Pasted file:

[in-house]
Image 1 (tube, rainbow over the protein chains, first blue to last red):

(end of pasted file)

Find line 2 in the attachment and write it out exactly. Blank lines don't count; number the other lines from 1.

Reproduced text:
Image 1 (tube, rainbow over the protein chains, first blue to last red):